Page Experience Matters: Intrusive Interstitials & Why They’re Bad for SEO

You’re searching for a product on your phone. You find a listing in the search results, select it and — fail! A pop-up has dominated the entire screen on your mobile device. And you can’t press the little “x” because it’s too close to the screen’s edge. All that’s left to do is leave the site.

Has something like this ever happened to you? Aside from the fact that it’s annoying as a user, think about what it’s doing to your business as a site owner. That’s why avoiding intrusive pop-ups is an SEO best practice.

Let’s explore intrusive pop-ups as No. 3 in our series on how to better prepare for Google’s upcoming page experience ranking signal set to hit in 2021.

What Are Intrusive Interstitials?

An intrusive interstitial is essentially a webpage pop-up that makes it hard for a mobile user to access the content they want.

When Google first talked about this issue in 2016, it gave some examples of intrusive interstitials:

  • A pop-up that covers the main content immediately after a person navigates to a webpage from the search results or while they are looking through the page.
  • A standalone interstitial that a person has to dismiss before accessing the main content.
  • A webpage with above-the-fold content similar to a standalone interstitial where the original content is inline underneath.

Intrusive interstitials - examples from Google.
“Helping users easily access content on mobile,” Google Webmaster Central Blog

Pop-ups that are OK include:

  • Interstitials for legal obligations (like cookie usage notices or age verifications)
  • Login dialogs on sites, such as to access private content
  • Banners that are easily dismissible and don’t take up too much space on the webpage

Interstitial examples that are OK per Google.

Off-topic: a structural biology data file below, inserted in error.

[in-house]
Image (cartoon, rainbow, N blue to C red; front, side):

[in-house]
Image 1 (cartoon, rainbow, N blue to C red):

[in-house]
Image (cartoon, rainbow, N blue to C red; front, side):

“Helping users easily access content on mobile,” Google Webmaster Central Blog

Why Do Intrusive Interstitials Matter?

Intrusive website pop-ups create a bad user experience for mobile users. Since this can harm your website rankings, they’re also bad for SEO.

In 2017, Google rolled out an intrusive interstitial penalty. Google explained that:

Starting today, pages where content is not easily accessible to a user on the transition from the mobile search results may not rank as high.

This applies only to pages that mobile users visit directly from a Google search result (not subsequent webpages visited on the same site from the original page). Regardless, it’s a good best practice to avoid annoying your visitors.

Google reminded readers that this is just one signal and, as always, great content will prevail:

As we said, this new signal is just one of hundreds of signals that are used in ranking and the intent of the search query is still a very strong signal, so a page may still rank highly if it has great, relevant content.

With interstitials being a factor in Google’s new page experience ranking signal, it’s a reminder that intrusive pop-ups have no place in a mobile-first world.

How to Avoid Intrusive Interstitials

Avoid intrusive-pop ups by aligning your website with the mobile user experience.